The last time I spent £18 on a sporting event, it was York City v Portsmouth and it was awful. Fortunately, the £18 I invested to see Insane Championship Wrestling at the O2 Academy in Leeds was money much better spent.

I’m not a huge wrestling fan by any stretch of the imagination – I don’t have Sky for a start, which somewhat scuppers things in that regard – but I keep a vague eye on what’s happening in WWE, plus I read chats in forums about less mainstream promotions and try to pass the knowledge off as my own.

Drew Galloway looking moody

Drew Galloway looking moody

ICW (or eye-see-dub, as the chants go) is one such promotion I’ve had some exposure to, so I knew that the artist formerly known as Drew McIntyre in WWE (now Drew Galloway) was going to compete. Jonny, who I was going with, also indicated that other big league alumni Paul London and (The) Brian Kendrick would also be in attendance, so there was something to lure in the casual fan.

That’s pretty much where the links with WWE stop though – in the warm-up, the crowd was told to leave if they were expecting John Cena-esque presentation. For those not au fait, he’s the poster boy of WWE and, by and large, derided by independent promotions’ fans for a list of reasons that I could fill a blog with.

These fans come for more extreme action, which at numerous times included busting through the barriers around the ring, with the Drew Galloway bout spending a lot of time in and around the bar. I don’t know whether the bar staff had been warned about that beforehand, but it’d be amusing if they hadn’t and were thinking ‘what the fuck?!’ as these brawling behemoths approached.

That’s another thing you’ll get at an indy show – swearing. Lots and lots of swearing. I don’t have a problem with swearing at all, but sometimes it felt a bit gratuitous, although much of it seemed apt. Plus the promotion is from Glasgow, so ya know, it’s difficult for them not to eff and jeff.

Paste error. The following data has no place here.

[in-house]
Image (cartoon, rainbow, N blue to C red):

Action that can only be described as high-flying from Brian Kendrick and Paul London

Action that can only be described as high-flying from Brian Kendrick and Paul London

Would I go again to this kind of event? Yeah, I reckon I would – it feels pretty intimate (the crowds are only four-five people deep) and there’s constant interaction between fans and wrestlers – including the use of a guy’s crutch as a weapon and London and Kendrick chatting to fans at the bar after their match. You also see much more technical wrestling, like you’d see at the Olympics – it changes that pace as it’s something a bit different, but it’s obvious why it doesn’t get in WWE because it wouldn’t really work well as TV entertainment.

It also gave rise to my favourite ‘chant’ of the evening – among all the various witticisms and swearing, every so often when there was some technically excellent action going on, you’d get someone just shout ‘Wrestling!’, which generally received cheers as the crowd welcomed being at a wrestling event, rather than WWE’s sports entertainment product.

There’s various indy promotions around the country – you can find a list on Wiki or in local listings – so if you fancy giving it a go sometime, check when the next show is and get yourself down there.


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